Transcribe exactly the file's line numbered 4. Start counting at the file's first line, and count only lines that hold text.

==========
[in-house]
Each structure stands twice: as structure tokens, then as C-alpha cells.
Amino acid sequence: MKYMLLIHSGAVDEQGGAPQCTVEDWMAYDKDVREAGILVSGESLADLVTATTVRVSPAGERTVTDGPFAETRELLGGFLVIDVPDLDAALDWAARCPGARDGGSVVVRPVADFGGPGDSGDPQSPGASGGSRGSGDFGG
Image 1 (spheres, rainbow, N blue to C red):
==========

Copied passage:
Image 1 (spheres, rainbow, N blue to C red):